That Expectation of Privacy

We’re Americans and we have that expectation of privacy – no one can read your mail, or email, or tap your phone or obtain a list of your incoming and outgoing calls, or compile a list of what books you check out at the library, or these days, get a record of the searches you’ve done on the web. The government, local or state or national, needs a search warrant for that – they have to convince a bored judge that there’s a reasonable suspicion something criminal is going on, or that there’s a threat to public safety. Of course since the Patriot Act that’s all kind of a joke. Congress decided that all those provisions in the Fourth Amendment regarding illegal search and seizure could get us killed these days – nasty terrorists could hide behind the Constitution, you see. We need to catch them and lock them up before they blow something up. They said this might seem unfortunate, but we have to be proactive, and anyway, if you have nothing to hide there’s no reason you should make a fuss. The Constitution is not a suicide pact after all.

You heard that a lot. But what the hell – everyone is posting personal drivel on Facebook all the time, for the world to see, and decades ago corporations starting selling each other customer lists and sales records, so there are data warehouses filled with thousands of terabytes of such data and the data-mining algorithms get better all the time. These guys know exactly what each of us is likely to buy next, if they nudge us the right way. They call it targeted marketing. You get just the right coupons in the mail, or instantaneously at the register.

Face it. Your life is an open book. Any worried father can Google his daughter’s new boyfriend – and you probably didn’t get that new job you wanted because the Human Resources department there did the same. The whole notion of privacy is a bit of a joke. We ceded much of it away in fear after the guys with the box-cutters did their thing on that sunny September morning long ago, and we willingly gave the rest away – because it was kind of fun. See New Strategy in the War on Terror: Trolling Jihadi Forums and Shocker: We Are All Stalking Our Exes on Facebook Like Creeps – the good and the bad.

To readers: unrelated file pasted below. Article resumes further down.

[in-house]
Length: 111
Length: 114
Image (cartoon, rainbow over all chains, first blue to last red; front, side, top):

Still, as they say, a man’s home is his castle, as is his car, or maybe just the trunk, or maybe not. Searches are permitted under exigent circumstances. It’s just that what’s exigent can mean anything. And maybe you had no expectation of privacy anyway – you were in a public place.

What isn’t a public place these days? Of course there is this:

A Castle Doctrine (also known as a Castle Law or a Defense of Habitation Law) is an American legal doctrine that designates a person’s abode (or, in some states, any place legally occupied, such as a car or place of work) as a place in which the person has certain protections and immunities and may in certain circumstances use force, up to and including deadly force, to defend against an intruder without becoming liable to prosecution. Typically deadly force is considered justified, and a defense of justifiable homicide applicable, in cases “when the actor reasonably fears imminent peril of death or serious bodily harm to himself or another.” The doctrine is not a defined law that can be invoked, but a set of principles which is incorporated in some form in the law of most states.

The term derives from the historic English common law dictum that “an Englishman’s home is his castle”. This concept was established as English law by 17th century jurist Sir Edward Coke, in his The Institutes of the Laws of England, 1628. The dictum was carried by colonists to the New World, who later removed “English” from the phrase, making it “a man’s home is his castle”, which thereby became simply the Castle Doctrine.

This explains all those Stand Your Ground laws, but this has always been a commonsense notion. You are the law in your own home, the king of your castle so to speak – the government can’t bust in and tell you what to do, with certain exceptions. You can’t shoot your kids if they don’t eat their vegetables and so on.

But here we get in trouble, because everyone has an opinion on those exceptions. There was Griswold v. Connecticut, 381 U.S. 479 (1965) – the Supreme Court held that even though there was no such thing in the Constitution, explicitly, in so many words, there really was an expected “right to privacy.” You didn’t see those words? It’s one of those penumbra things – the Connecticut State Police could not bust into your bedroom and arrest you for possession of birth-control pills or condoms. It wasn’t their business. That shouldn’t be the government’s business. It’s implied in the Constitution.